Beaver Dam Community Hospitals releases annual report
Beaver Dam Community Hospitals has released its annual report, covering its finances and services as the hospital looks toward 2019.
In fiscal year 2018, the hospital had 296.2 days of cash on hand, compared with 272.9 in fiscal 2017 and 282 in fiscal 2016. The reports says that this measure of cash stability is nearly double the industry standard.
Total revenue was $103,296,374 while operating expenses were $102,975,434 for a final income of $320,940.
In 2017, final income was a net loss of $3,783,134. In 2016, final income was $4,195,766.
In 2018, outpatient and clinic visits dropped by about 3 percent from 2017, while inpatient days rose by about 10 percent in the fiscal year. Emergency and urgent care visits fell by about 8 percent.
The hospital provided $1,145,936 in funds for community care and spent $1,853,685 on health education and community outreach.
In the calendar year for 2018, Beaver Dam Community Hospitals experienced several significant changes. One of the most prominent was the sale of the Lakeview Hospital Building on LaCrosse Street to the city of Beaver Dam for $225,000, up from the $200,000 the hospital spent. The Lakeview building, which was the extension of a mansion that has since been demolished, was under the hospital’s care for some decades and many uses before a cycle of private developers took it over starting in the 2000s.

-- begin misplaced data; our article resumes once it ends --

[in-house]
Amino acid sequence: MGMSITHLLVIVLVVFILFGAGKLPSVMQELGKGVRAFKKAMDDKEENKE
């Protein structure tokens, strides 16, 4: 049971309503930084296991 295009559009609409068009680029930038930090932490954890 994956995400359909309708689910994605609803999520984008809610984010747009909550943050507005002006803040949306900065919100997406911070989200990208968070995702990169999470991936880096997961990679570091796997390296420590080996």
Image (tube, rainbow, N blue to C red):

However, plans for development on the site never came to be, and the building has sat vacant as an eyesore in the neighborhood for many years. The hospital bought it back in 2016.
Now that Beaver Dam owns Lakeview, the city is working to create a tax increment financing district that will fund the building’s demolition. The idea is to flip the property to a development firm run by Ben Westra of WDS Construction to make way for a higher-end condo complex. The new tax revenue from the project would pay off the demolition.
Beaver Dam Community Hospitals announced plans to affiliate with the Marshfield Clinic Health System. Negotiations are continuing with the idea to make BDCH part of the Marshfield System, which would allows the two to share resources and doctors.
The hospital also started 24/7 urgent care services and opened a new movement and orthopedics clinic. Patients can now set up mammogram screening appointments with same-day results. The Blue Zones project continued its march in Dodge County.